As has been widely reported, Tesla is making moves to buy solar installer SolarCity. The two companies have family relations, with Elon Musk’s cousins running SolarCity and with Musk serving as chairman of the board, in addition to his role running Tesla.
Does the deal make sense? At a basic level, yes (although doubts persist about the short-term economics). Tesla is already distributing its batteries through SolarCity, and many Tesla customers will be interested in solar, once their electricity bill goes up as they charge at home. So there are obvious synergies: — Tesla can advertise for SolarCity in their showrooms for example, and SolarCity can promote Tesla vehicles and batteries.
But in the long term, Musk is aiming for a monopoly on a magnitude we’ve rarely if ever seen before, outside of the old company town. Essentially, Tesla seeks to own your transportation and home energy, all in one corporate clean energy “ecosystem.” It will become your utility, car company, and gas station, all in one — only without the emissions of our current system.
Musk is a friend and former business partner of Peter Thiel, the famed PayPal investor who preaches the virtues of such monopolies. Thiel essentially argues that if you’re an entrepreneur starting a business that isn’t aimed at becoming a monopoly, you’re basically wasting your time. Think Google and Amazon.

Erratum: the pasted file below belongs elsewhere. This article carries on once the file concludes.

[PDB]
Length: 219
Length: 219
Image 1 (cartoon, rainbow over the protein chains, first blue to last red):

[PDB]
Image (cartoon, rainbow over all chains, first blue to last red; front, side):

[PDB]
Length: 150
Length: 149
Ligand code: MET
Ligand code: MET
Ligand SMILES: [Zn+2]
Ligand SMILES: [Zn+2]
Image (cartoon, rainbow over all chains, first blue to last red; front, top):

It’s hard to argue with the pure business logic of that approach (leaving aside the traditional arguments against monopolies). And now Musk seems to be following through on that approach with this takeover effort — a monopoly pattern that already started with Tesla’s decision to own its own charging network, rather than let third party companies take over, and to bypass auto dealers in favor of direct sales. At least from an environmental perspective, it would certainly herald a big win.
But will it work? Not in the short term. SolarCity will not be replacing electric utilities anytime soon. And batteries plus solar will not allow most people to leave the grid entirely. You simply can’t generate enough power or store it to cover most people’s needs throughout the year. And many people don’t own their own homes or have their own rooftops to make this possible.
But two trends could change that dynamic. First, technologies can improve, leading to more powerful solar panels and cheaper, bigger batteries. New technologies, such as cheap fuel cells, could also provide the additional generation needed to fill the solar gaps during the nighttime and winter. These developments could allow Tesla/SolarCity to become the ultimate monopoly it dreams of, particularly if it can operate at a neighborhood scale for those without dedicated rooftops.
Second, Tesla/SolarCity could buy up other companies to fill the gaps, such as energy efficiency companies and different renewable generators, like urban wind turbine manufacturers.
All in all, it’s a big gamble but with a very logical long-term goal. In the short term, the co-marketing and co-distribution opportunities could cover the costs of the merger. And in the long term, it has the outside chance of turning this country into the United States of Tesla, whether we like it or not.